Standard Article

Trail-Making Test

  1. Daniel N. Allen,
  2. Michael M. Haderlie

Published Online: 30 JAN 2010

DOI: 10.1002/9780470479216.corpsy1003

Corsini Encyclopedia of Psychology

Corsini Encyclopedia of Psychology

How to Cite

Allen, D. N. and Haderlie, M. M. 2010. Trail-Making Test. Corsini Encyclopedia of Psychology. 1.

Author Information

  1. University of Nevada, Las Vegas

Publication History

  1. Published Online: 30 JAN 2010


The Trail-Making Test (TMT) is a measure of visual scanning, complex attention, psychomotor speed, and mental flexibility. The TMT is an adaptation of John E. Partington's Test of Distributed Attribution, which was originally developed in 1938 to assess intellectual function. It was later renamed Partington's Pathways Test and was used to examine the effects of opiate use on brain function (Partington & Leiter, 1949). Subsequently, it was incorporated into the Army Individual Test Battery in 1944, where it received its current name. It was incorporated into the Halstead-Reitan Neuropsychological Test Battery (HRNB) with minor modifications, and it remains one of the most frequently used neuropsychological tests in research and clinical practice (Rabin, Barr, & Burton, 2005).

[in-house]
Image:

• cognitive capacities;
  • diagnostic methods;
  • neuropsychological assessment;
  • testing;
  • trail-making test